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Posts from the "Prospect Park" Category

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What’s the Status of Car-Free Central Park and Prospect Park in 2014?

Last year, the city announced that much of Central Park’s loop drives would go car-free all summer long. With temperatures warming, the park is again filling with people walking, jogging, and biking — all sharing space with car commuters looking for a rush-hour shortcut. Will it happen again — or expand — this year? Negotiations are underway to bring a car-free summer back to Central Park, and meanwhile it’s still an open question whether Prospect Park users will get similar summer traffic relief for the first time.

A pleasant, car-free Central Park. Photo: gigi_nyc/Flickr

Central Park could be pleasant and car-free all the time. Photo: gigi_nyc/Flickr

The movement for car-free parks has gained momentum and major political support after years of advocacy, yielding design changes to park roads and steady expansions of car-free hours in two of the city’s busiest parks.

The push for a car-free Central Park has been complicated of late by a de Blasio administration pledge to ban horse carriages and replace them with old-timey electric cars in the park. Last week, the Central Park Conservancy came out against the electric cars, saying they would “increase congestion” and “make the park less safe.” Cars in the park are tied with crowds as the top complaint of Central Park visitors, according to a 2011 survey by the conservancy [PDF].

Horse carriage operators have seized upon the car-free park message to argue against a ban on their industry. ”As carriage drivers, our priority is safety,” said carriage industry spokesperson Christina Hansen in a statement released by the Teamsters union. “With tens of thousands of injuries caused by car crashes every year in New York City, why bring cars into Central Park at all times of day?”

The landscape has also shifted across the East River, where Brooklyn Borough President Eric Adams took over from car-free Prospect Park opponent Marty Markowitz. It remains to be seen, however, if Adams will become a champion of getting cars out of the park. His old state Senate district included the park, and he has a record of equivocating on the issue. “I would love, ideally, to close all our parks to vehicular traffic, but I don’ t want to do it in a manner that would put the surrounding communities into an environmental or traffic shock,” he told Patch in 2011.

Adams’s Manhattan counterpart, Gale Brewer, has a much more direct take on Central Park. “I remain committed to a permanent ban on cars in the park,” Brewer said in a statement. ”In the meantime, an almost car-free park in the summer months is a great initiative and should continue.”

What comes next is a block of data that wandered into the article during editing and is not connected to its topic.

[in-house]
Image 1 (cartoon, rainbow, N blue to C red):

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Trolley Terror! Meet the Original Prospect Park West NIMBYs

The electric trolley was said to be "dangerous to property, man, and beast."

Norm Steisel, Louise Hainline, Iris Weinshall, and their anti-bike “Better Bike Lane” comrades aren’t the first well-to-do, politically connected bunch to wage war against a new configuration for Prospect Park West. According to a fascinating Curbed piece from the Weekly Nabe’s Keith Williams, another powerful NIMBY cadre once sought to undermine a nascent progressive transportation movement. In the late 19th century, the object of fear and loathing was the electric trolley.

Williams writes that, at the time, Brooklyn was a smattering of separate towns, and railroad owner Henry W. Slocum saw an opportunity to provide residents with intra-city travel and access to the shore.

Slocum had already electrified the five miles of track between Park Circle (the southwest corner of Prospect Park) and Coney Island. In 1891, he was looking to convert the Brooklyn portion of that line: straight up what is now Prospect Park Southwest, across the future Prospect Park West to Ninth Street, and down to Smith.

But those living along Prospect Park weren’t having it. Their main argument was that electric trolleys would crush pedestrians without warning. Go figure: pulling a lever to operate an electric brake was more reliable than trying to get a horse to stop. There was also the fear of fire caused by falling wires, which had happened on a few occasions in other cities. The 500-volt supply was “enough to kill a regiment of men,” according to one electrician. Since then, however, safeguards had been developed to keep dislodged wires in place.

The drama even had its own Marty Markowitz, says Williams: Congressman David A. Boody, a trolley foe who became mayor of Brooklyn.

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The Prospect Park Bike-Ped Expansion Is Complete

Late last week the Prospect Park Alliance sent out an email blast announcing that NYC DOT has finished altering the park loop to give more space to pedestrians and cyclists during the hours when cars are allowed in the park. The new configuration — which slims the motor vehicle right-of-way from two lanes to one — also makes a lot more sense for park users on the weekends and the 20 hours each weekday when there are no cars in the park.

Photo: Ben Fried